In use, an operator actuates the pump to pressurize a supply of air by grasping the handle 22 and moving the cylinder rod 21 rearwardly within the cylinder 20. Pressurized air within the cylinder passes through pressure tube 17 into the manifold 45 of the release valve 16. The pressurized air within the release valve manifold 45 causes the plunger 46 to move to a forward position sealing the opening 43. Pressurized air then flows between the plunger 46 and the release valve manifold 45 so as to pressurize the pressure chamber 15. A portion of the pressurized air passing through pressure tube 17 is diverted into pressure tube 38 and conveyed into the pneumatic drive 37. With increased pressure within the pneumatic drive 37 the drive forces the rotation of the bottom plate 40, which engages and causes the rotation of the top plate 39 against the biasing force of coil spring 41. The movement of the top plate 39 in turn causes the rotation of the indexing wheel 26, thereby bringing a projectile P in alignment with the opening 28 in the bottom of the magazine 18. The projectile P drops downwardly through the opening 28, through the loading tube 29, and through the launch tube opening 50 so that the projectile P is positioned within the launch tube 12, as shown in FIG. 2. All references herein to directions are for purposes of clarity in reference to the drawings.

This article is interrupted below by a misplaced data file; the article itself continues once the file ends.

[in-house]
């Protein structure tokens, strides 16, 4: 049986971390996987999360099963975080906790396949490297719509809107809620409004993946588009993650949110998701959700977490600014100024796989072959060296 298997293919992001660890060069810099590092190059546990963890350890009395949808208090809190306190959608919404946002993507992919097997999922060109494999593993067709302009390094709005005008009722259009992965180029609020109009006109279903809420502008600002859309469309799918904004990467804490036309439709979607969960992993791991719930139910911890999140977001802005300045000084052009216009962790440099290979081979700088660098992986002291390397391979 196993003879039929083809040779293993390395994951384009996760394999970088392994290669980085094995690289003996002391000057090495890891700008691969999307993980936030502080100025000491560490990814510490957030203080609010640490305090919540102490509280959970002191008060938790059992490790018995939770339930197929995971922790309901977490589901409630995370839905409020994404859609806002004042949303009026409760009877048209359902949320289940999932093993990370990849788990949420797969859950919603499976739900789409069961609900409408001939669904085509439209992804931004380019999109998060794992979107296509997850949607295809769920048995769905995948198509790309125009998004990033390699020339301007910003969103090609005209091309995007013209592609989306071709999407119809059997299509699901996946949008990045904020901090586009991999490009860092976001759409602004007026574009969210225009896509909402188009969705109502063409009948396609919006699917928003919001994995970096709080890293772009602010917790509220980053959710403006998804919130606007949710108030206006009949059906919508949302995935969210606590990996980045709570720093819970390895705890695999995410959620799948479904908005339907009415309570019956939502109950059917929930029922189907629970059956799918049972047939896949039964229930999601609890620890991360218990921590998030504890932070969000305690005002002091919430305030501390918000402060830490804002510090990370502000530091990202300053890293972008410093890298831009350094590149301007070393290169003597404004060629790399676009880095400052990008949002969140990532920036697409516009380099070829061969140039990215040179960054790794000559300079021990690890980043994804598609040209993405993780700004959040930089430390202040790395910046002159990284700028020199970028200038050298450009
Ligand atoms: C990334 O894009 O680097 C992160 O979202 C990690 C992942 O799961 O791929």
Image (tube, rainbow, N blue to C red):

Continued movement of the pump handle 22 causes handle flange 23 to engage launch tube flange 54 and move the launch tube 12 from its loading position, shown in FIG. 2, to its firing position, shown in FIG. 3, against the biasing force of spring 56. This rearward movement of the launch tube causes the forward seal 52 is engage the projectile P. This movement also causes the launch tube opening 50 to be positioned behind the pressure chamber seal 48 so that with the projectile sealably engaging the forward seal as the firing chamber 55 is sealed completely.